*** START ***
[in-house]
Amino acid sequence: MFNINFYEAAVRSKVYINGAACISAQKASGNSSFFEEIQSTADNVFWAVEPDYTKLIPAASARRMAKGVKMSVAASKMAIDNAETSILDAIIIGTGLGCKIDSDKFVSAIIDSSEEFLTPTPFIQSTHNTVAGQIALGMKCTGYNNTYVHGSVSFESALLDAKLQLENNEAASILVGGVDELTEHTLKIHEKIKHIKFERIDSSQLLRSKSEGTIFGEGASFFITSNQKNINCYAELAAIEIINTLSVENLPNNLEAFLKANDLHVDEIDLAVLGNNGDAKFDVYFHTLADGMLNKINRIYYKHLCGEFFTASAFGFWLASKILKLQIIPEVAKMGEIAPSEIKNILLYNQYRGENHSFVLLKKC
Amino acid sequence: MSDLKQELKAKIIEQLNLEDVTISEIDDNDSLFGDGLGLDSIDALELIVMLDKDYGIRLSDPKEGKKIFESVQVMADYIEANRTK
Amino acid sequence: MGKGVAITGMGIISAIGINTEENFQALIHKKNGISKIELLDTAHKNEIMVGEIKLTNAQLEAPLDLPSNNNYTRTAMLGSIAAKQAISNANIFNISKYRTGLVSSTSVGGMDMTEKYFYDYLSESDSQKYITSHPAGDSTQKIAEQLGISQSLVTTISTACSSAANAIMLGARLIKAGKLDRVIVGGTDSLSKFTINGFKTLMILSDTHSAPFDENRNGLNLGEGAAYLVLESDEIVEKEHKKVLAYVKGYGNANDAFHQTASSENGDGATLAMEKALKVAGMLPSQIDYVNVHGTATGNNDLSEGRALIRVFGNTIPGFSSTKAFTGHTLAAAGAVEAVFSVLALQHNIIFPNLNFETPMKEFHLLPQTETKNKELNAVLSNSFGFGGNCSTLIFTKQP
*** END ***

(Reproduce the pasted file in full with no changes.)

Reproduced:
[in-house]
Amino acid sequence: MFNINFYEAAVRSKVYINGAACISAQKASGNSSFFEEIQSTADNVFWAVEPDYTKLIPAASARRMAKGVKMSVAASKMAIDNAETSILDAIIIGTGLGCKIDSDKFVSAIIDSSEEFLTPTPFIQSTHNTVAGQIALGMKCTGYNNTYVHGSVSFESALLDAKLQLENNEAASILVGGVDELTEHTLKIHEKIKHIKFERIDSSQLLRSKSEGTIFGEGASFFITSNQKNINCYAELAAIEIINTLSVENLPNNLEAFLKANDLHVDEIDLAVLGNNGDAKFDVYFHTLADGMLNKINRIYYKHLCGEFFTASAFGFWLASKILKLQIIPEVAKMGEIAPSEIKNILLYNQYRGENHSFVLLKKC
Amino acid sequence: MSDLKQELKAKIIEQLNLEDVTISEIDDNDSLFGDGLGLDSIDALELIVMLDKDYGIRLSDPKEGKKIFESVQVMADYIEANRTK
Amino acid sequence: MGKGVAITGMGIISAIGINTEENFQALIHKKNGISKIELLDTAHKNEIMVGEIKLTNAQLEAPLDLPSNNNYTRTAMLGSIAAKQAISNANIFNISKYRTGLVSSTSVGGMDMTEKYFYDYLSESDSQKYITSHPAGDSTQKIAEQLGISQSLVTTISTACSSAANAIMLGARLIKAGKLDRVIVGGTDSLSKFTINGFKTLMILSDTHSAPFDENRNGLNLGEGAAYLVLESDEIVEKEHKKVLAYVKGYGNANDAFHQTASSENGDGATLAMEKALKVAGMLPSQIDYVNVHGTATGNNDLSEGRALIRVFGNTIPGFSSTKAFTGHTLAAAGAVEAVFSVLALQHNIIFPNLNFETPMKEFHLLPQTETKNKELNAVLSNSFGFGGNCSTLIFTKQP